BEIJING – China is demanding the U.S. end “interference” in the Beijing Winter Olympics, which begin next week, in an apparent reference to a diplomatic boycott imposed by Washington and some of its allies.
Foreign Minister Wang Yi made the demand in a phone call with U.S. Secretary of State Antony Blinken on Thursday Beijing time, according to the Foreign Ministry.
The U.S. has said it will not send dignitaries to the Games, which open Feb. 4, in a protest over China’s detention of more than 1 million Uyghur Muslims in the northwestern region of Xinjiang, along with crackdowns on human rights elsewhere in the country.
The boycott does not prevent U.S. athletes from taking part in the Games, which are being held under strict anti-pandemic rules. China has also protested what it says are calls within the State Department to withdraw staff and their dependents from the embassy and consulates around China over the tightening restrictions.
According to a news release posted on the ministry’s website Thursday, Wang also called for an end to U.S. support for self-governing Taiwan, which China claims as its own territory.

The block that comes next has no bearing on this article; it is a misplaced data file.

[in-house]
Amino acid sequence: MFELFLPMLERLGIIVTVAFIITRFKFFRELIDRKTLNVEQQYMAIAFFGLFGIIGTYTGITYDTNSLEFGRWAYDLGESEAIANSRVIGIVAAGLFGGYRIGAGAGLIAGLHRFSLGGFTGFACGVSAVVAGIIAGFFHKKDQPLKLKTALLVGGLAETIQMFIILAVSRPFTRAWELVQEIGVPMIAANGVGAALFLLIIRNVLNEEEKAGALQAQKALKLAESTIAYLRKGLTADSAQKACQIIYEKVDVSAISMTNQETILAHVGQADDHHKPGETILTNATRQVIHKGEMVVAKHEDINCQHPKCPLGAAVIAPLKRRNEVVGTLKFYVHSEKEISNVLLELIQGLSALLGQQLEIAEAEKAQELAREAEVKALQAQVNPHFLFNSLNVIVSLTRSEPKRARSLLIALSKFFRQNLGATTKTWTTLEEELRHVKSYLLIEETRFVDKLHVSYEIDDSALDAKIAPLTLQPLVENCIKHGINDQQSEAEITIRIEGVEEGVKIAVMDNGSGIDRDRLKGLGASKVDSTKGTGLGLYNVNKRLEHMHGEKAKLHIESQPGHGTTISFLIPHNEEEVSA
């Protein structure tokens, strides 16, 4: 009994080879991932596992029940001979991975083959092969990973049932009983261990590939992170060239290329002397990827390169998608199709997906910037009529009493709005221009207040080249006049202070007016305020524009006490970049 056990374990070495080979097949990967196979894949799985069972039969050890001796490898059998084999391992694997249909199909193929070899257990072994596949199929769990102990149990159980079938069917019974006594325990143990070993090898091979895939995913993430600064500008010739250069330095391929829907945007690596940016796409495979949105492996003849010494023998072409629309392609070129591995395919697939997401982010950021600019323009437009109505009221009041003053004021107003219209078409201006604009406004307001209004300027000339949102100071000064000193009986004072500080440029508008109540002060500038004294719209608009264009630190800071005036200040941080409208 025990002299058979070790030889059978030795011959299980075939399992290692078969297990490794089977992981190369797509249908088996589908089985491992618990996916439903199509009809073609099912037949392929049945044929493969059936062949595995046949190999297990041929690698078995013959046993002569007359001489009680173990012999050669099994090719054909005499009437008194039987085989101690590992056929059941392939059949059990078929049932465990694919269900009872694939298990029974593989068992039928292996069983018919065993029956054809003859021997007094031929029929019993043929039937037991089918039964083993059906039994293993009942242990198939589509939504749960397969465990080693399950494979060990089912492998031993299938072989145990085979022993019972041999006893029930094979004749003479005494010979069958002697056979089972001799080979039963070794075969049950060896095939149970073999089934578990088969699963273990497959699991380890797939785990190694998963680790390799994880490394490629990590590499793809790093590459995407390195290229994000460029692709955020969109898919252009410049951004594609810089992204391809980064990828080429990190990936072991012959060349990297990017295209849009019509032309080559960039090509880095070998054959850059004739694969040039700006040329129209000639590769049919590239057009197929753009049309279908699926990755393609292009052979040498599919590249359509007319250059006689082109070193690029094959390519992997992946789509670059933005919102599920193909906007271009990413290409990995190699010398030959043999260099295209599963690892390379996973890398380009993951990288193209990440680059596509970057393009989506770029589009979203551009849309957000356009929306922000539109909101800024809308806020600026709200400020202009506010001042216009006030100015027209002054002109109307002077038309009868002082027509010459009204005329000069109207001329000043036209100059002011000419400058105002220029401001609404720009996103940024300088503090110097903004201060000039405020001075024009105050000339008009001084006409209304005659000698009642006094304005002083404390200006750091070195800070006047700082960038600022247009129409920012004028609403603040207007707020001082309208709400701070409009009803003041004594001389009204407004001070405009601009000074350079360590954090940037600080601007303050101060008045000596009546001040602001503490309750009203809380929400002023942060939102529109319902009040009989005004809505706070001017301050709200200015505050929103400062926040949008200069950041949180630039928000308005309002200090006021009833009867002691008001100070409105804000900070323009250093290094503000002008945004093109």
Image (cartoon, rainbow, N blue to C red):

China’s growing assertiveness directed at the U.S. has extended as far as relations with Central American nations and as close as Beijing’s maritime claims in the South and East China Seas.
At a monthly briefing Thursday, Chinese Defense Ministry spokesperson Wu Qian responded to a question about U.S. military movements in the Asia-Pacific region by saying China's armed forces were “fully prepared to deal with any foreign provocations or emergency situations" that arise during the Olympics.
The U.S. says it doesn't recognize most of China's claims in the strategically crucial South China Sea and routinely sails warships and flies planes near Chinese-held islands.
Foreign Minister Wang also complained that the administration of President Joe Biden has maintained tough political and economic policies enacted earlier despite its expressed wishes for a less confrontational relationship.
“The U.S. continuously puts forward wrong words and actions toward China, causing new conflicts in relations between the two countries," Wang was quoted as saying.
A brief statement from the State Department said that Blinken and Wang exchanged views on how to manage strategic risk, health security and climate change. It did not mention the Olympics or Taiwan. Blinken underscored the economic and security risks posed by Russian aggression against Ukraine, the statement said.
The phone call follows the appointment of veteran diplomat Nicholas Burns as the new U.S. ambassador to China, a position that has remained empty for more than a year.